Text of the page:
Pennsylvania enacts remote-seller sales and use tax


Matthew Melinson
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Jerry Glynn
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Drew VandenBrul
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Patrick Skeehan
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Jamie C. Yesnowitz
Washington, D.C.
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Chuck Jones
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Lori Stolly
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On June 28, 2019, Pennsylvania Gov. Tom Wolf approved House Bill 262, enacted as Act 13 of 2019. This revenue-raising element of Pennsylvania’s fiscal year 2019-20 budget enacted several notable tax changes.1 The legislation addresses sales and use tax remote seller and marketplace facilitator economic nexus standards, and reconciles conflicting rules regarding remote seller and marketplace facilitator sales tax collection requirements. Beginning July 1, 2019, remote sellers and marketplace facilitators that have no physical presence in Pennsylvania but have more than $100,000 in gross sales in a previous 12-month period are subject to a sales tax filing and collection obligation. In addition, Act 13 conforms the personal income tax (PIT) to Federal Opportunity Zone provisions enacted under federal tax reform, expands the Manufacturing Innovation and Reinvestment Program, and revises various tax credit and economic development zone programs.

Sales and use tax The most significant tax reforms provided in the budget legislation involve several changes to the sales and use tax law.

Remote seller and marketplace facilitator collection and reporting requirements Prior to the U.S. Supreme Court’s decision in South Dakota v. Wayfair, Inc.2 Pennsylvania in October 2017 enacted Act 43,3 which required that remote sellers and marketplace facilitators with at least $10,000 in taxable Pennsylvania sales during the immediately preceding 12 calendar-month period file an election to either: (i) collect and remit sales tax to the state; or (ii) comply with detailed notice and reporting requirements.4 Remote sellers meeting the $10,000 sales threshold were required to file an election by March 1, 2018, (and annually each June 1 thereafter beginning June 1, 2019) to either begin collecting Pennsylvania sales and use tax by April 1, 2018, or comply with the notice and reporting requirements.5

In January 2019, the Pennsylvania Department of Revenue issued Sales and Use Tax Bulletin 2019-01,6 in which the Department determined that, based on the Wayfair decision, substantial economic nexus satisfies Pennsylvania’s definition of maintaining a place of business in the state.7 The Bulletin referenced both the Wayfair decision and Act 43. The Bulletin interpreted Wayfair to establish that physical presence is no longer required for the state to impose sales tax on either a seller or marketplace facilitator. The $100,000 gross sales threshold established in the Bulletin mirrored the threshold of $100,000 in sales adopted via legislation by South Dakota in March 2016 and ultimately upheld in the Wayfair decision.

Act 13 amended Pennsylvania’s definition of “maintaining a place of business” in the Commonwealth in accordance with the Department’s interpretation set forth in the Bulletin. Accordingly, the revised statute provides that vendors having at least $100,000 in gross sales of tangible personal property or services during the preceding 12-month calendar period are considered to maintain a place of business in Pennsylvania and thus required to register to collect and remit sales tax on sales to Pennsylvania customers.8 The definition of a “vendor” is expanded to include marketplace facilitators9 and marketplace sellers.10 Vendors having economic nexus with Pennsylvania during the 2018 calendar year are required to collect sales tax from July 1, 2019, through March 31, 2020.11 For calendar years after 2018, vendors with economic nexus are required to collect sales tax beginning April 1 of the following calendar year and ending March 31 of the next calendar year.12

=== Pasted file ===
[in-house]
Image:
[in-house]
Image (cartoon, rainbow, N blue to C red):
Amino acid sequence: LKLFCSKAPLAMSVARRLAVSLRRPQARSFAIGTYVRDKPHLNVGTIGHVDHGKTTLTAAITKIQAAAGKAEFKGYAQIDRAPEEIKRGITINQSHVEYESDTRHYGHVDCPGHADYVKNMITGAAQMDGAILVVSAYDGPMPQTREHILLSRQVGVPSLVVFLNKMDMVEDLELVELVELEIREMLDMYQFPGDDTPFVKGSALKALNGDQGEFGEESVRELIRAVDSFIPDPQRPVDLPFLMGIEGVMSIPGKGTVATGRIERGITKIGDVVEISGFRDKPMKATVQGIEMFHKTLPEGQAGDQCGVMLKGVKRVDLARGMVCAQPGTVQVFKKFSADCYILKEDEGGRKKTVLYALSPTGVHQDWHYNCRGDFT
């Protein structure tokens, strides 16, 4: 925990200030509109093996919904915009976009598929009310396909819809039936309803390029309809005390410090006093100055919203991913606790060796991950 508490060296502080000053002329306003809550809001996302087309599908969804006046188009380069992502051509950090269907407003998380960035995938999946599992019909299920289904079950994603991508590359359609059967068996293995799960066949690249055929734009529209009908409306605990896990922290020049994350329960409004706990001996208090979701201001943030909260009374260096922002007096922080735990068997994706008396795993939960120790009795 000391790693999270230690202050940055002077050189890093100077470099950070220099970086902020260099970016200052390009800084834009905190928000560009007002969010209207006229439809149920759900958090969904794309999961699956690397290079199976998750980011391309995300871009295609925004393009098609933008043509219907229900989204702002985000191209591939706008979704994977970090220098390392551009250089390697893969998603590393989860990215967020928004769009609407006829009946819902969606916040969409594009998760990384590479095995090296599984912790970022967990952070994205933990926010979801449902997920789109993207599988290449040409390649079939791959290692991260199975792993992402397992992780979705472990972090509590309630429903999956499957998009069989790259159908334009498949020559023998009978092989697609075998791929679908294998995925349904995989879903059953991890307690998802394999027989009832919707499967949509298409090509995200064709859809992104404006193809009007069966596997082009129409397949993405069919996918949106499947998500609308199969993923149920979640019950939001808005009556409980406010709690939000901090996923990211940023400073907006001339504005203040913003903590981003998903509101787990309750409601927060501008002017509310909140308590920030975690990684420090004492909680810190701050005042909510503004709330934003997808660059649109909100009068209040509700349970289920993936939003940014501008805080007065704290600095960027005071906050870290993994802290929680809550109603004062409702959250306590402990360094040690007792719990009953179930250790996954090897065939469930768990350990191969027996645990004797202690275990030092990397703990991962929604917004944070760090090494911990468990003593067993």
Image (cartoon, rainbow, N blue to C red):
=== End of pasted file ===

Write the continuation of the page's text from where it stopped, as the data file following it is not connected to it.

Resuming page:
With respect to marketplace facilitators, sales included in the $100,000 sales threshold calculation include sales of tangible personal property or services by a marketplace seller whose sales are facilitated through the marketplace facilitator’s forum.13 Marketplace facilitators are relieved of liability for collecting and remitting sales tax if the marketplace facilitator shows that the failure to collect the correct amount of tax was due to incorrect information given to the marketplace facilitator by the marketplace seller.14 A marketplace seller making sales solely through a marketplace facilitator that is required to collect sales tax on the seller’s behalf is not required to file a return and remit sales tax, provided the marketplace seller receives a certification from the marketplace facilitator that the marketplace facilitator will collect, report and remit the proper sales tax.15

While Act 13 codifies the economic nexus standard set in place by Bulletin 2019-01, the law also eliminates the $10,000 taxable sales threshold previously in place under Act 43. Specifically, Act 13 eliminates the ability of remote sellers and marketplace facilitators to utilize the options set forth in Act 43 by simply requiring those with $100,000 in annual gross sales to collect and remit sales tax. Businesses no longer have the option to file an election to comply with notice and reporting requirements instead of collecting and remitting sales tax.